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Protocol | Fintech
The people, power and politics of fintech, every Tuesday and Friday.
Photo: OsakaWayne Studios via Getty Images

Visa’s Plan B: Buy Tink

Row of piggy banks

Hello and welcome to Protocol | Fintech! This Friday: Visa buys a Swedish startup, bringing humans back to finance, and Chainalysis's lofty new $4.2 billion valuation.

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The Big Story

Visa's Plan B

Visa's not giving up that easily.

Five months after its $5.3 billion bid to buy Plaid collapsed, the payments giant is making another bold acquisition in a critical area. Visa's $2.2 billion purchase of Swedish banking-tech startup Tink underlines that it's determined to expand its tech arsenal to take on the fast-growing trend of open banking.

Tink's data access technology is the draw for Visa. Buying Tink would help Visa become a stronger competitor with technology that provides banks and fintechs easier and broader access to consumer financial data.

  • The merger would combine Visa's "network of networks" with the Swedish startup's "open banking capabilities," Visa CEO Al Kelly said.
  • Founded in 2012 by Swedish entrepreneurs Daniel Kjellén and Fredrik Hedberg, Tink has grown rapidly in Europe, where its API connects to more than 3,400 banks and institutions and more than 250 million of their customers.
  • The company has also attracted major investors, including PayPal, BNP Paribas and ABN AMRO. Tink has also forged key partnerships with major financial services players, including PayPal and American Express.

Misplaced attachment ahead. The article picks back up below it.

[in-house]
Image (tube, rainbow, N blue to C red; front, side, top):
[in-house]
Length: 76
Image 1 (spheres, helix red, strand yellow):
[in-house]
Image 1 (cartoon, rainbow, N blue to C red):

Visa wants to defend itself against disruptors. Cutting-edge data-access technology has become an important capability in the battle over open banking where Visa is up against longtime rivals, led by Mastercard, and smaller, nimbler, faster-moving startups.

  • Visa had hoped to gain new tech capabilities when it tried to buy Plaid. But the Justice Department derailed that plan when it opposed the deal, calling it anti-competitive.
  • The quest for state-of-the-art open-banking technology also led Mastercard to buy Finicity for $825 million last year.
  • Clearly, the two financial services giants feel threatened by the rise of new technologies that are dramatically changing the way the industry operates. That's why they have been "very proactive in finding seats at any table where they might be disrupted," Jonah Crane, a partner at Klaros Group, told Protocol.

Will Visa get a break from regulators this time? Crane thinks the company may be "less vulnerable to antitrust scrutiny" in Europe where it could find "an easier regulatory path." One thing that could help would be Kelly sticking to platitudes about innovation. The DOJ cited his characterization of the Plaid deal as an "insurance policy" meant to remove a "threat to our U.S. debit business" in suing to block the merger.

— Ben Pimentel

A MESSAGE FROM MICRON

Recently, Micron announced new memory and storage innovations across its portfolio based on its industry-leading 176-layer NAND and 1α (1-alpha) DRAM technology. But what does "1α" mean, and just how amazing is it?

Learn more

From Protocol | Fintech